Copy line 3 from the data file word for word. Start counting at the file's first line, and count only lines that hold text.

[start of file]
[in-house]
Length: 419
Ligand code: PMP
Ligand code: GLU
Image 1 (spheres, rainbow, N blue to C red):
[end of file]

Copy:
Ligand code: PMP